Answered by Carrie, Hiring Expert at AT&T Inc., on Tuesday, July 31, 2012
The short answer is no. However, I think it's important to note that there has been a lot of press around how employers use Facebook or gain access to employee Facebook accounts, but as with many things in the media, this is usually the extreme example and to that end, is also the exception, not the rule.
To be clear, some of these employers who are getting the bad press aren't actually hacking, but they are requesting employee/job seeker passwords so they can investigate their accounts, or they are requiring an employee friend them, or they are asking employees who are already friends with another employee to let them see what they can see about another employee. These examples are ALL violations of Facebook terms of service and there are legislators attempting to combat this. In my opinion, it should come with the same consequences as opening up someone's mail, which is a federal offense (ranging from fines to jail time).
Additionally, responsible employers shouldn't want to see your personal information in the first place in the event it exposes them to learning information about you they could later use to discriminate against you with (such as if you are pregnant, if you are over 40, what your religious preferences are, etc). As employers, we'd rather just not know because we want to consider you for the job based on the what you bring to the table in terms of knowledge, skills, education, experience, etc... and all of those other things should be a non-issue.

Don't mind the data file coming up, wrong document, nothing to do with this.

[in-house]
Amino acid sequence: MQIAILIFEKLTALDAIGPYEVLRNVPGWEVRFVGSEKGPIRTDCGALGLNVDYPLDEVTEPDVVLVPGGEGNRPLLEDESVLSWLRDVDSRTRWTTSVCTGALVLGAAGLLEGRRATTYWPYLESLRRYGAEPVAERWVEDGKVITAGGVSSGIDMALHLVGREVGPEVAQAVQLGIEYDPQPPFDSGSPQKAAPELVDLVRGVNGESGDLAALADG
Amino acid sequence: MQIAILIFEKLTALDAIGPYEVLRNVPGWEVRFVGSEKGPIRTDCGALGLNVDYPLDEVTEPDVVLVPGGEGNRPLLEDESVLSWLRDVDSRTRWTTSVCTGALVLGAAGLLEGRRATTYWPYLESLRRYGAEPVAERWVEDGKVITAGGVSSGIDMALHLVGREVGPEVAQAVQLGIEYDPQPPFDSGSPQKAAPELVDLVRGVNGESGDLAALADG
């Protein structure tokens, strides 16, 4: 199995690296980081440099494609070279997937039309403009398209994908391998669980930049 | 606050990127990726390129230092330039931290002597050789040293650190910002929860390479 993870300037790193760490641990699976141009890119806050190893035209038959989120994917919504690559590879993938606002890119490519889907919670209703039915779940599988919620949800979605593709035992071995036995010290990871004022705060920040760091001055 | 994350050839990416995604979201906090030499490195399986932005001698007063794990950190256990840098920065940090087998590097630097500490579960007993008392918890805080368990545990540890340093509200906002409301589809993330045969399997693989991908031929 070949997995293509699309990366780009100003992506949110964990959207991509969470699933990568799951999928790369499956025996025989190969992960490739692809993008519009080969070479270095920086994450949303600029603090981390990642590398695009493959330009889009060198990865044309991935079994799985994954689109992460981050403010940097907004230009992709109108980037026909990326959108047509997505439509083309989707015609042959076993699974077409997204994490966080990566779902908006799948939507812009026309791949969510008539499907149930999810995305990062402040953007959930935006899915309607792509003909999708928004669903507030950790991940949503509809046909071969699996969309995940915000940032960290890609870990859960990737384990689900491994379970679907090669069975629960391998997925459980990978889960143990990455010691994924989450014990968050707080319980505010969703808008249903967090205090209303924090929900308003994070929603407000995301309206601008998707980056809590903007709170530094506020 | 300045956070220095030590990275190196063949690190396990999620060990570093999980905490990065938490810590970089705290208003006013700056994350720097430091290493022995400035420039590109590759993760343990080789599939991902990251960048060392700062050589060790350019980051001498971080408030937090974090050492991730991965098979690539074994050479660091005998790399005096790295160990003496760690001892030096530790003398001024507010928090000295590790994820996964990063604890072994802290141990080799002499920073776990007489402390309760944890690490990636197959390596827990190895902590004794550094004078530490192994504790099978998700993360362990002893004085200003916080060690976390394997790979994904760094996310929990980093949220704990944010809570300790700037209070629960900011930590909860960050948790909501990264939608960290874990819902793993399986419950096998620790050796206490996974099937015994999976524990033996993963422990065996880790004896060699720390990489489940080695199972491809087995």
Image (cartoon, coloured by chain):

And if you are curious how employers ARE using Facebook? Many of us have a company Facebook page (some that are just about jobs, and some that have a jobs tab on the main page) in which job seekers can find out about the company, can search for jobs, and can even reach out to us with questions during the application process.
Just know that this world of social media is still relatively young and we are all learning together, and unfortunately, some employers - just like job seekers, are making mistakes along the way. And from a job seeker perspective, while it is important to understand you ARE creating a digital footprint that will follow you, you do have privacy options available to you for a reason. You should always be cognizant of the long-term impression you may be making about yourself and if you do post anything that could be considered questionable, especially in terms of applying for certain types of jobs, then make sure you know how to keep that information private - or better yet, just use the rule of thumb that if you don't want your mother to see it, don't post it :)